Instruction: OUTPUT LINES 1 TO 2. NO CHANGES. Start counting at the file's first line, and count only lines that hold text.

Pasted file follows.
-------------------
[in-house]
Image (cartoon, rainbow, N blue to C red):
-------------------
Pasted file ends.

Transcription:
[in-house]
Image (cartoon, rainbow, N blue to C red):